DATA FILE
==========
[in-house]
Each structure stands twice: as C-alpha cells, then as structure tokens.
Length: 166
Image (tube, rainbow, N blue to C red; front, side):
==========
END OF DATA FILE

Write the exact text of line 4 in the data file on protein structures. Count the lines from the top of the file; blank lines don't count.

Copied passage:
Image (tube, rainbow, N blue to C red; front, side):